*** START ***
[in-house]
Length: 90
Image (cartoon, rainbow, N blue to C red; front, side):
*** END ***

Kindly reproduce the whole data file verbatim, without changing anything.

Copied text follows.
[in-house]
Length: 90
Image (cartoon, rainbow, N blue to C red; front, side):